Surround yourself with people who love and care for you and lean upon them during this difficult time. Let them be your strength, and you’ll find that your own strength comes back much faster. [Read: How to leave a narcissist & free yourself from their web of control]
Delete and block their phone number. Block them from all forms of social media. Do not read any messages from people you do not know, as it’s not beyond the realm of possibility for them to create fake profiles to try and get to you.
Do not respond to any type of contact at all – they will lie and do whatever they need to do in order to start the hoovering process, but you must be immune to it. Block, block, block!
The best way to start building your confidence is to focus on yourself. Start planning your future. What do you want to do? Is there something you’ve always wanted to try but have not gotten around to yet? Do you want to change your hair? Whatever you want to do, go for it now!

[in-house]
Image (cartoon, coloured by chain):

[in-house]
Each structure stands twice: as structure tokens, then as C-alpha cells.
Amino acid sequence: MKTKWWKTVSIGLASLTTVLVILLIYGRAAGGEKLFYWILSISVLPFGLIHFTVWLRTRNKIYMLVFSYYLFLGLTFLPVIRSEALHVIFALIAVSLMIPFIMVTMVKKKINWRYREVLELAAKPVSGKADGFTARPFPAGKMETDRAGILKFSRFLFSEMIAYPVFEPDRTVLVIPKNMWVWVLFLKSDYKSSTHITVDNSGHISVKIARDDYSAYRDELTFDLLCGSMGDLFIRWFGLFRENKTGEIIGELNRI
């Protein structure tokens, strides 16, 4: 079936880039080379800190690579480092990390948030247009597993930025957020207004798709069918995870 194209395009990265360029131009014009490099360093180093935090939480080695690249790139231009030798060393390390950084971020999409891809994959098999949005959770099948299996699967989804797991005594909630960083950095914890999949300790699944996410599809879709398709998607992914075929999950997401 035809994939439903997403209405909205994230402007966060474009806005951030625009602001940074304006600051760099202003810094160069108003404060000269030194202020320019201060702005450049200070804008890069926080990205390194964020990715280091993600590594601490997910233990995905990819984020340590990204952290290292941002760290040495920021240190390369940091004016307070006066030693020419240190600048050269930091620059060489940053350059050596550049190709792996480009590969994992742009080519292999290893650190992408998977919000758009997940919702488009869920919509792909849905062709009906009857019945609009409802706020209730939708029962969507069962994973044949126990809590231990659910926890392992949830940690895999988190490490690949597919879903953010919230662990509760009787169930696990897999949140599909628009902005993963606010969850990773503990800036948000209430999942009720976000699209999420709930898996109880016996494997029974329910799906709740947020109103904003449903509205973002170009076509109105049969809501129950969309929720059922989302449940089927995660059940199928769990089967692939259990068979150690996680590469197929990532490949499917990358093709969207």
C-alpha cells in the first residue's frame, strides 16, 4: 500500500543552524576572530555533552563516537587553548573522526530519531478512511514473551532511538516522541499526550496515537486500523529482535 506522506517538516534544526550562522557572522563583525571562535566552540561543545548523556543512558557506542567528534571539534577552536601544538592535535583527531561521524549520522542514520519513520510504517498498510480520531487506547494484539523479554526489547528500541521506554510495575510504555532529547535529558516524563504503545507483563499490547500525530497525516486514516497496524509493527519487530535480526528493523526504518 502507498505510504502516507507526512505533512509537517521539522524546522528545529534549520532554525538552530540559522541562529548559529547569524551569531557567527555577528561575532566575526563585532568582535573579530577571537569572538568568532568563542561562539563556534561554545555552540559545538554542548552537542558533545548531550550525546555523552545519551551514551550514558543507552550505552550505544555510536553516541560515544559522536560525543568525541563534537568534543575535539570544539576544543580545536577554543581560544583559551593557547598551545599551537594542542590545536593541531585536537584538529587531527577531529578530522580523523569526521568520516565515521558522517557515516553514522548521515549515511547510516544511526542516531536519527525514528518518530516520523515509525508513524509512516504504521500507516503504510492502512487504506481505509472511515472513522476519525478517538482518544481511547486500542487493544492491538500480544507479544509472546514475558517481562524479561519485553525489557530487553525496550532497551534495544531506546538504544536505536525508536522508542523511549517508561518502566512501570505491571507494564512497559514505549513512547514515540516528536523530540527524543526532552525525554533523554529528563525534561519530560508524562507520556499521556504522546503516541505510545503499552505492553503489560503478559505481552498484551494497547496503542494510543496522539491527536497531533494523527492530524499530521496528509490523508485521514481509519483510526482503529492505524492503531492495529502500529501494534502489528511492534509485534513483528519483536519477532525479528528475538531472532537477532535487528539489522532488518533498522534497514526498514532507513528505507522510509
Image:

You’re free. Your life is your own. You can create any new reality you want now that you’re free from the clutches of this abusive relationship.
You might still have lingering feelings for them, and when they try to reach out, it’s normal to have a twinge of something inside of you. However, remember the bad times, don’t focus on any good times because they’re nothing more than a fake memory or an illusion.
You walked away, and you were strong. Now you need to be strong for a little longer, to avoid their manipulative hoovering tactics.
[Read: Controlling people – The most common traits and ways to deal with them]
No matter how hard it is, if you gave up and moved on, continue moving. Don’t get within the suction range of their hoovering.